Case against Archegos founder sheds light on banking risk controls
Bill Hwang secured billions of dollars in funding from major Wall Street banks with lies ranging from assurances he could quickly exit positions to claims he held large, easily tradeable stocks like Apple and Google , according to US authorities.
The banks apparently took Hwang’s words at face value when they entered into leveraged derivatives transactions with Hwang’s family office, Archegos Capital Management. Those deals allowed him to hide the size of his huge positions in half a dozen U.S. stocks from the broader market and the banks themselves before the program collapsed in March 2021.
After Hwang’s arrest on Wednesday for federal racketeering, fraud and market manipulation, Wall Street faced fresh questions about how sophisticated trading desks and compliance departments fell for his misrepresentations — and lost. over $10 billion in the process.
“The systems used to track risk were not up to date, in terms of technology,” said Darrell Duffie, professor of finance at Stanford. “There have been glaring lapses in common sense about how much risk of loss a client is too great, and an apparent reluctance by some officials to confront Archegos with difficult questions.”
Archegos’ alleged deceptions were detailed in an indictment filed by the US Department of Justice and in complaints issued by the Securities and Exchange Commission and the Commodity Futures Trading Commission.
“These deceptions prompted Archegos’ counterparties to continue trading with it and extend leverage beyond what the counterparties’ risk tolerance would otherwise have allowed had they known the truth,” the company said. SEC in its complaint.
Hwang pleaded not guilty to an arraignment in Manhattan federal court, while his attorney said the indictment “has absolutely no factual or legal basis.”
Archegos kept a low profile in part by using derivatives that shielded it from public scrutiny. While the investment group would typically first buy the shares of a company it wanted to bet on, it would change course once its ownership approached 5% of the company – a threshold that would trigger regulatory disclosures to states. -United.
Instead, he would increase his positions through instruments called total return swaps. This meant that Archegos could make or lose money depending on whether a stock went up or down, but the bank it made the deal with was the actual buyer of the stock.
Hwang’s derivatives trading has allowed him to swell his assets from $1.6 billion to over $36 billion in just 12 months. At one point, Archegos owned or had derivative exposure to more than 50% of the outstanding shares of media company ViacomCBS, now known as Paramount Global.
While trying to persuade UBS to raise its trading limit, Hwang’s team told the Swiss bank that Archegos could unwind its entire portfolio in about a month without serious market disruption, the DoJ alleged. in his indictment. In reality, according to the DoJ, Archegos would have needed about well over 100 days for this.
Archegos also informed UBS that it held large positions in liquid stocks like Amazon, Google and Apple along with other banks. But in reality, his bets were similar across all other banks on less liquid stocks like ViacomCBS and online retailer Shopify, as well as U.S.-listed Chinese companies like tech firm Baidu.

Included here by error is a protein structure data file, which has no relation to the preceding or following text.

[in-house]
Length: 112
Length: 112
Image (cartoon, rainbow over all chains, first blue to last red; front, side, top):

UBS, which lost $861 million due to the Archegos debacle, ended up increasing Archegos’ trading limits by about $2 billion “based in part on these misrepresentations,” it said. the DoJ.
UBS declined to comment on whether or not it should have done more due diligence before extending Archegos’ credit limit.
The DoJ alleged that Archegos “made similar misleading, false and misleading statements regarding the size of Archegos’ largest positions on other occasions and at additional counterparties”, to bankers at Goldman Sachs, MUFG, Credit Switzerland, Nomura, Deutsche Bank and Macquarie.
The banks were victims of Archegos’ false declarations and also “a victim of wanting to continue to have him as a client [and] money at stake,” said Robert Webb, professor of finance at the University of Virginia.
In another case of alleged deception, the DoJ alleges that Archegos provided Goldman with “fictitious” or “decoy” names when discussing its investment interests to give the impression that its portfolio was broader than he was not. He ended up using Goldman to trade shares similar to those he had with other banks.
The DoJ alleged that Archegos also misled Morgan Stanley, using false claims when it rejected a request to replace some of its stakes in Chinese education technology company Gaotu Techedu with more liquid stocks like Apple. and Amazon.
Deutsche said in a statement that it was “able to significantly reduce the risk of our exposure to Archegos without incurring losses.” Goldman Sachs, Morgan Stanley, MUFG, Credit Suisse, Nomura and Macquarie declined to comment.
Wall Street’s risk management teams focused on the size of Archegos’ positions as well as the amount of each stock traded each day. The larger the trading volume, the more acceptable it was for a bank to lend against a particular stock.
The reason: In the event of default, if a bank were to claim the stock as collateral and sell it in the open market, the relatively illiquid positions would be difficult to sell without driving the stock price down significantly, resulting in losses. potential for the broker.
However, a 2021 report by law firm Paul Weiss on Credit Suisse’s $5.4 billion Archegos losses said its Wall Street counterparties knew Archegos had tended to make concentrated bets. This was also the case with Tiger Asia, the hedge fund run by Hwang before settling insider trading charges with the SEC in 2012.